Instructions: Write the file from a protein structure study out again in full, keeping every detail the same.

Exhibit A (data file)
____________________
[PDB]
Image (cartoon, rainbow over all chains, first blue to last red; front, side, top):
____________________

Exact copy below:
[PDB]
Image (cartoon, rainbow over all chains, first blue to last red; front, side, top):